Gender stereotypes perpetuate women abuse and it needs to stop

Did you know gender stereotypes can lead to women abuse? According to the UN, harmful gender stereotypes are one of the root causes for discrimination, abuse and violence. And the best way to end violence against women is to prevent it from happening in the first place. To do this, we need to address the root and structural causes such as stereotypes.

So if you’ve had enough of problematic gender norms and want to be part of the solution, we are with you. Here are four common gender norms that perpetuate unhealthy behaviours for both women and men and what we can do about it.

  1. Real Men Don’t Cry

Myth: Boys grow up into men thinking that crying is a sign of weakness and that they shouldn’t show their emotions. Sound familiar? When boys cry, instead of expressing their emotions, they are told to man up and not be a sissy. They bottle up their emotions and associate crying and weakness with femininity. This causes gender discrimination and abuse because women are seen as inferior.

Fact: Crying is a natural human reaction to an intense emotional situation and everyone does it from the time we are born. It is a natural and healthy outlet for people to regulate their emotional stress. If you know a man who struggles with crying, or expressing his feelings, start by encouraging him to talk to you without feeling judged or ridiculed. Women are naturally intuitive and we can help the men, and boys, in our lives to identify their feelings and find ways to help them express themselves.

  1. Men are the breadwinners

Myth: Despite many households being dual-income, the expectation that men should make more money than their partner still exists. When the roles are reversed, men can feel resentful and inadequate. Many men would probably agree that this is illogical and they should feel happy for their wives. This type of resentment actually comes from a place of insecurity and such stereotyping can lead to financial or economic abuse.

Fact: The role of labour distribution has changed significantly as more women enter the workforce, further their education and stretch their careers. This is naturally going to shift pay gaps between men and women. Attaching someone’s worth to their pay slip is not only outdated but also completely unfair. There are many meaningful ways for men and women to make contributions to their relationship, workplace or household, and it’s about empowering one another to do this, by playing to each other’s strengths.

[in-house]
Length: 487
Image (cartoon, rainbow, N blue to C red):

1. Women are quiet and passive

Myth: Gender norms typically dictate women should be polite, quiet and not speak their minds, and let men take the lead. From an early age, women are depicted as vulnerable and in need of protection, they need to hide their assertiveness in order to conform to society’s beliefs. This can be part of the reason why women survivors of sexual assault or sexual harassment don’t speak out about their experiences until later in life.

Fact: Assertiveness comes from self-esteem and confidence which needs to be nurtured from an early age. Women can also support each other by speaking up for those who feel they can’t. A big part of this is to build each other’s self-esteem through encouragement and kind words. 

  1. Women must be perfect

Myth: Women must have it all, live it all and be it all. The career, the family, the body, and failure is not an option. A big chunk of this myth is perpetuated in the media through advertisements, TV shows and social media. This stereotyping can have a detrimental effect on women’s mental health and result in emotional abuse.

Fact: Women feeling inadequate ties back to their own self-worth and how we measure this. By comparing yourself against what you believe to be perfect is no way to measure it. You need to rather understand how you value self-worth and the way you measure it. Everything else is just somebody else’s opinion and you need to let go of what other people think. It’s not an easy ask and either therapy or a life coach can help you find these answers.

The most effective way we can support each and break down gender stereotypes is by speaking up when we see this type of thing happening. Recognise it when it happens and say something. And, while there are many contributing factors towards abuse, this is one of the ways that we can work together to prevent it.